A mathematical model of the neuronal network comprised of three main components: (I) the model of a neuron, (II) synapse model describing the interaction between neurons, and (III) algorithm for generating the network topology. By default, the network consisted of 80% excitatory and 20% inhibitory neurons. The values of parameters for the neuron and synapse models, including the parameters of normal distributions (standard deviations of which by default were taken equal to 1/2 of the average values), do not differ essentially from those used in article [8] (see [32]).

I. As a neuron model, the standard LIF-neuron has been used. Subthreshold dynamics of the transmembrane potential *V* of such a neuron is described by the equation
where *V*_{rest} is the neuron’s resting potential, *τ _{m}* is the characteristic time for relaxation of

*V*to

*V*,

_{rest}*R*is the electrical resistance of the neuron’s membrane,

_{m}*I*(

_{syn}*t*) is the total incoming synaptic current, which, as a function

*t*, depends on the choice of the dynamic model of a synapse and the number of incoming synapses,

*I*is a constant “background” current, the magnitude of which varies from neuron to neuron by a normal distribution. The background currents are required in order to initiate and sustain a spontaneous asynchronous spiking activity of the network. These also determine the diversity of neuronal excitability in the network.

_{bg}When the transmembrane potential reaches a threshold value *V*_{th} = *V*(*t*_{sp}), it is supposed that the neuron emits a spike, then *V* abruptly drops to a specified value *V*_{reset}, *V*_{rest} < *V*_{reset} < *V*_{th}, and retains this value during the period of refractoriness *τ*_{ref}, then the dynamics of the potential is again described by the equation (1). The result of the LIF-neuron dynamics is a sequence of spike generation moments .

If a neuron has the value of *I _{bg}* that exeeds a critial value

*I*= (

_{c}*V*

_{th}—

*V*

_{rest})/

*R*

_{m}, then this neuron is a pacemaker, i.e., it is able to emit spikes periodically, with the period Δ

*t*

_{sp}=

*τ*+

_{ref}*τ*ln[(

_{m}*I*−

_{bg}*I*)/(

_{r}*I*−

_{bg}*I*)], where

_{c}*I*= (

_{r}*V*−

_{reset}*V*)/

_{rest}*R*, in the absence of incoming signals from other neurons. Our network model implies that both excitatory and inhibitory neurons maybe pacemakers.

_{m}Finally, it is worth noting that the LIF-neuron has no ability for intrinsic bursting, unlike the neuron model used in [4,17].

II. A single contribution to the incoming synaptic current in the TUM model [8] is determined by the formula
where *A* is the maximum amplitude of synaptic current, the sign and magnitude of which depend on the type of pre- and postsynaptic neurons (i.e., whether the neuron is excitatory or inhibitory), and *y(t)* is a dimensionless parameter, 0 ≤ *y* ≤ 1, the dynamics of which is determined by the following system of equations:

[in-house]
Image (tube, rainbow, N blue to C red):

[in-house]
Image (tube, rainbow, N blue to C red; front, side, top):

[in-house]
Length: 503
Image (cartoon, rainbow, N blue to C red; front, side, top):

where *x*, *y*, and *z* are the frations of synaptic resoures in the recovered, active and inactive state, respectively, *x* + *y* + *z* = 1, *τ*_{rec}, *τ _{I}* are the characteristic relaxation times,

*δ*(…) is the Dirac delta function,

*t*is the moment of spike generation at the presynaptic neuron,

_{sp}*τ*

_{del}is the spike propagation delay (see (8)), and

*u*is the fraction of recovered synaptic resource used to transmit 0 ≤

*u*≤ 1 For the outgoing synapses of inhibitory neurons, the dynamics of

*u*is described by the equation where

*τ*

_{facil}is the characteristic relaxation time, and 0 <

*U*≤ 1 is a constant parameter. For the out going synapses of excitatory neurons,

*u*remains constant and equals to

*U*. In the numerical simulations the constants

*A*and

*U*, as well as all the characteristic relaxation times (except for

*τ*) in the synaptic current model, were normally distributed, i.e. each synapse had its own unique values of these parameters.

_{I}III. We used the binomial and spatially-dependent distributions of interneuronal connections. To simplify the model, the formation of autaptic connections was prohibited. In the case of “binomial” network topology, we set a constant probability *p _{con}* of the formation of unilateral synaptic connection between two neurons, independent of their spatial coordinates. Then in the network of

*N*neurons the number

*m*of outgoing connections of a neuron is described by the binomial distribution , where 0 ≤

*m*≤

*N*− 1, with mean value .

In the case of spatially-dependent network topology, point neurons were uniformly distributed over a square area *L* × *L* of unit size (*L* = l). The probability of formation of unilateral connection between each pair of neurons depended on the distance r between them according to the formula [31] where *λ* is the characteristic connection length, expressed in units of *L*. The constants *B* and *λ*, for simplicity, were chosen independent of the types of pre- and postsynaptic neurons, in particular, it was taken B = 1. *λ* = *const* for all combinations of types of neurons.